Special representative says rehabilitation of war-affected children must be placed at forefront of international response to afghan situation

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9-Nov-01

NEW YORK, 9 November — Olara A. Otunnu, Special Representative of the Secretary General for Children and Armed Conflict, today called on the international community to ensure that the well-being and rehabilitation of war-affected children become a central concern in any response to the situation in Afghanistan. He said, No peace is likely to be sustainable unless children and youth are provided with rehabilitation and hope, so that they become a constructive force in rebuilding their country. Only by doing what is right for children today, can we build a solid foundation for peace and security tomorrow . Children make up 50 per cent of a total population of 23 million Afghans.

The Special Representative said more than 20 years of war in Afghanistan have defined the lives of at least two generations of children, most of whom have grown up in the midst of violence, death, deprivation, lack of education and despair. Some of the direct and indirect impact of conflicts which have been particularly devastating for children include:

— 25 per cent of children in Afghanistan die before the age of five (the fourth highest child-mortality rate in the world); 60 per cent of these deaths are due to preventable diseases;

— 50 per cent of the children suffer from malnutrition;

— 75 per cent of Afghans have no access to health care or clean water;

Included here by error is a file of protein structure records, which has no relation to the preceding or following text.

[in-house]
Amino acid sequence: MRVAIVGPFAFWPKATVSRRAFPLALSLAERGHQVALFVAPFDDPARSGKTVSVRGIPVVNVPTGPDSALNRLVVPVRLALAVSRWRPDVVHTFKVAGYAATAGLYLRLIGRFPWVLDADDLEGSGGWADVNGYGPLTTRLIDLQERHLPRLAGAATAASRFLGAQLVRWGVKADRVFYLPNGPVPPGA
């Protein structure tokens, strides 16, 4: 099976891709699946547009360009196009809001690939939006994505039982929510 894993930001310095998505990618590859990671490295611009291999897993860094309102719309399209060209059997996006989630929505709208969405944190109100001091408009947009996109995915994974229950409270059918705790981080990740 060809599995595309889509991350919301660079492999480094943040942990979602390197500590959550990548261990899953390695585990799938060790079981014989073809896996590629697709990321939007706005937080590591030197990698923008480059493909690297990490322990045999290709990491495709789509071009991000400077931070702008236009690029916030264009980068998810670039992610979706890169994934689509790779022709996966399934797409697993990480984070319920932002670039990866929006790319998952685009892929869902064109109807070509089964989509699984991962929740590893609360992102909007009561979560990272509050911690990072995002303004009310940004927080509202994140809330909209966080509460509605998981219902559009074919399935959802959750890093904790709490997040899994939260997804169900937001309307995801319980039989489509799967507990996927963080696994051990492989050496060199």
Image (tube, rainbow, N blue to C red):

— An estimated 2 million children are refugees or internally displaced persons;

— Less than 10 per cent of girls and less than 40 per cent of boys attend primary school;

— 40 per cent of children living in Kabul have lost at least one parent; there are about 700,000 war widows in the country;

— Children account for about 30 per cent of some 100,000 landmine victims in a country estimated to have 10 million mines;

— 50,000 street children in Kabul are the primary income earners for their households and there are thousands of street children among refugees in neighbouring countries; and

— Life expectancy in Afghanistan is 46 years, one of the lowest in the world.

normal’>Mr. Otunnu stated, The children of Afghanistan need to be given viable and productive alternatives through rehabilitation, recreation, education and vocational opportunities. This will require commitment of priority and resources.

font-weight:normal’> Mr. Otunnu called on donors to support the United Nations Consolidated Appeal, especially to provide immediate humanitarian assistance for the most vulnerable children in need of water, food, shelter and health care — it is estimated that 1. 7 million children are at risk this winter from freezing or starvation. I also appeal to the donor community to prepare for long-term rehabilitation for war-affected children, and to commit resources for the recovery and development of Afghanistan , he said.